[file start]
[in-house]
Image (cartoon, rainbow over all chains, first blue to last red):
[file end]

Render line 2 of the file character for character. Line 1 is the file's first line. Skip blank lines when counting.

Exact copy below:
Image (cartoon, rainbow over all chains, first blue to last red):